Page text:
How Much ICT E-Waste?

Click on the "recycle" tag, above, and you will find all sorts of information about ICT's contribution to the global e-waste stream. Exactly how large is this contribution? It appears ICT gear only contributes about a quarter of the e-waste stream.

UN University's The Global E-Waste Monitor 2014 breaks down the total e-waste stream: "It is estimated that the total amount e-waste generated in 2014 was 41.8 million metric tonnes (Mt). It is forecasted to increase to 50 Mt of e-waste in 2018. This e-waste is comprised of 1.0 Mt of lamps, 6.3 Mt of screens, 3.0 Mt of small IT (such as mobile phones, pocket calculators, personal computers, printers, etc.), 12.8 Mt of small equipment (such as vacuum cleaners, microwaves, toasters, electric shavers, video cameras, etc.), 11.8 Mt of large equipment (such as washing machines, clothes dryers, dishwashers, electric stoves, photovoltaic panels, etc.) and 7.0 Mt of cooling and freezing equipment (temperature exchange equipment)."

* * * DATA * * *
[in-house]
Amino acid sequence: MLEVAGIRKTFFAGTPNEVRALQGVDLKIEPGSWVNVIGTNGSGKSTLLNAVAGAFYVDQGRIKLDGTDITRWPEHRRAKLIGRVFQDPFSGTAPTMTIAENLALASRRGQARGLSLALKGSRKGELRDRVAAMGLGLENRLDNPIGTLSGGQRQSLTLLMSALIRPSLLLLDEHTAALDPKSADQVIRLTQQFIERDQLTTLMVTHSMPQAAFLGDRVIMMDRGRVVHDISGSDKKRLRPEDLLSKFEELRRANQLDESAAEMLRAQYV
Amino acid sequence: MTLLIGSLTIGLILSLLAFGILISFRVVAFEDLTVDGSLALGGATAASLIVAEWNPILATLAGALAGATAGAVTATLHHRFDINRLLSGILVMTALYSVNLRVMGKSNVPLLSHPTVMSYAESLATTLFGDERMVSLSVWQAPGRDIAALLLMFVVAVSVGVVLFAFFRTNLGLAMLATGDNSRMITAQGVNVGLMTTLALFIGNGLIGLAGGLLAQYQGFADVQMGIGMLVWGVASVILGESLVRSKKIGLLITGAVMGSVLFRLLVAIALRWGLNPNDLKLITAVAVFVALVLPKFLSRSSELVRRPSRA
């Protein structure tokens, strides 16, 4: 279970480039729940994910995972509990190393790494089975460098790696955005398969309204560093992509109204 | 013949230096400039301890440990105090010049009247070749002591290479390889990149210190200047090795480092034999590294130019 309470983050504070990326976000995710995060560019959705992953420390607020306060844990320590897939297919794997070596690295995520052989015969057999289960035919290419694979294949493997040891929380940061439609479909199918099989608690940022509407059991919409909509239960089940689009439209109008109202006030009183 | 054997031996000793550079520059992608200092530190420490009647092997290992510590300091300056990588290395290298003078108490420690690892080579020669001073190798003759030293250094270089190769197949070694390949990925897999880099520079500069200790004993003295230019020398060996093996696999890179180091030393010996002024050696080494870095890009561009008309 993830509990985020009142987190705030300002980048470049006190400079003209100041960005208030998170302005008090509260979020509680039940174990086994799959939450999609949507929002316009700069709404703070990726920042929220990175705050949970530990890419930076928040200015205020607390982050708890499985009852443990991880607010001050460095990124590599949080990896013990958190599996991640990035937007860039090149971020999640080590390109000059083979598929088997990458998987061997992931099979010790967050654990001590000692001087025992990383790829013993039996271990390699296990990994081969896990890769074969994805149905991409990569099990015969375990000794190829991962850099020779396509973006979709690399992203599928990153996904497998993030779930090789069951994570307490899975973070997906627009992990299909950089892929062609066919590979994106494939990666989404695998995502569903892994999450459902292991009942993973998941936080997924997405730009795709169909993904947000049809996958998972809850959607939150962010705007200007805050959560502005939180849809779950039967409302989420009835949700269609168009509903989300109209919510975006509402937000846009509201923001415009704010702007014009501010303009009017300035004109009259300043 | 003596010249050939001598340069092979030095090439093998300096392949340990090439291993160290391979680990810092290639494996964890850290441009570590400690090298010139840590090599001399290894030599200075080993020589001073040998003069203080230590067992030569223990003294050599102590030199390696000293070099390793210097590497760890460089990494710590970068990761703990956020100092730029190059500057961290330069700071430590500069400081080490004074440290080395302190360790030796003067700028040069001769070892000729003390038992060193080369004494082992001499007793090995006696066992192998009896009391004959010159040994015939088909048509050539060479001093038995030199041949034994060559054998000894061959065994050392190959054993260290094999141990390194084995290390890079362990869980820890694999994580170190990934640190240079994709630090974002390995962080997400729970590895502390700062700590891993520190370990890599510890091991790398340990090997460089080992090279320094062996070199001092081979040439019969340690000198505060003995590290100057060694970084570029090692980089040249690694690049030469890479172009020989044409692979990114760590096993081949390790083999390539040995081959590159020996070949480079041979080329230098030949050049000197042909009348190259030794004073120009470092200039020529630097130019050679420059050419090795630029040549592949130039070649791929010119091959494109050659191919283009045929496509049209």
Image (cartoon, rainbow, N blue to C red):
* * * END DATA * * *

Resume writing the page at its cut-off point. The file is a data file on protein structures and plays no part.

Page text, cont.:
How much of this is ICT e-waste?

Only "6.3 Mt of screens, 3.0 Mt of small IT (such as mobile phones, pocket calculators, personal computers, printers, etc.)" seems to be clearly ICT e-waste. These 9.3 Mt are only 22% of that 41.8 Mt.

We classify media equipment (e.g., "video cameras") as ICT gear and we consider medical equipment ICT gear, too. But picking ICT equipment out of the other categories would likely not get the number much above 25%. So we are comfortable saying that ICT e-waste is about a quarter of the e-waste stream.

The UNU report does recognize that the categories are about to undergo a radical transformation: "…miniaturization and replacement, especially for information and communication technology (ICT) products and consumer equipment are fuelling the increase of e-waste. Moreover, more and more products contain a battery or plug, categorising it as EEE, such as intelligent clothes, smart toys and tools, dispensers and ubiquitous medical equipment."